6th September 2015
Madonna di Campiglio - the origins of a mountain resort
What’s in a name? I knew a lot about the mountain resort of Madonna di Campiglio but not the origins of its name so I decided it was time to find out. What or where was Campiglio? It was probably derived from the word campiculus which means sheltered glade. In the twelfth century that was all there was in the small valley that is now the home of the chic resort Madonna di Campiglio.
However, traversing this valley was the only way to get between the more fertile valleys of Val di Non and Val di Sole above and Val Rendena below and was a section of the main route between Northern and Southern Italy. Settlements are bound to develop with the frequent passage of travellers and it is recorded that at the end of the twelfth century a small hostelry was established offering assistance to the poor as well as food and shelter for the travellers. It is believed it was established by one Raimondo to repent for his sins and to honour the Virgin Mary. The hostelry received many donations from devotees of the church and by the fourteenth century it had become one of the most important sanctuaries in the region of Trentino with several buildings that included a church and a monastery.
By 1515 only two nuns, Simona and Antonia, were left in this establishment and it was rumoured that, due to their criminal activities, it was not safe to stay there. It was not long before the keys were returned to its owners the Cathedral of Trento and its life as a monastery ended although the church remained in use especially during the summer when timber was being felled and the saw mills along the Sarca river burst into life, cows from the valley grazed in the alpine meadows and hunters stalked deer in the woods and forests.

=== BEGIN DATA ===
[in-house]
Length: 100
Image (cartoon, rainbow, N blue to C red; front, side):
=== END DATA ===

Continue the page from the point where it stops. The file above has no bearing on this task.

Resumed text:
The monastery buildings remained empty until 1836 when they were rented by Giacomo Batiste to be used as stables for travellers and a tavern during the summer. His son, Giovanni Righi Batiste, inherited both the rented buildings and his father’s passion for the place and eventually managed to buy the property and subsequently opened the first hotel in the area in 1872 – his Stabilimento Alpino. That same year he began the construction of the first road between Madonna di Campiglio and the other towns in the Val Rendena which he financed himself. Legends abounded that the money had come from pots of gold Righi had found buried on his land by travellers and vagabonds. He did attempt to recoup his investment by charging a toll to use his road but this met with violent opposition and when his hotel burnt down in 1877 it was suggested that this was no coincidence. When Righi died in 1882 he left so many debts his wife was forced to sell the land.
This land was acquired by Franz Josef Oesterreicher in 1886. It was rumoured that he was an illegitimate son of the Emperor Franz Joseph who had bought the land to keep him away from the Hapsburg court in Vienna. He certainly left his mark on the town as he built and new church and then demolished the old one and he built the first modern hotel in the town, the Grand Hotel Des Alpes. Both buildings are still in use today.
A connection was established between this resort high in the Dolomites and the mighty Austro-Hungarian Empire and Madonna di Campiglio became a favourite summer haunt of the nobility of the Hapsburg court in Vienna. They would stay at the Grand Hotel Des Alpes and today their presence is remembered by pageants in the summer and a week-long carnival in the winter. Franz Josef himself and his young wife the beautiful Elisabeth of Wittelsbach, nicknamed Sissi, visited the resort on two occasions. Sissi especially was attracted by the dramatic scenery that surrounded the town.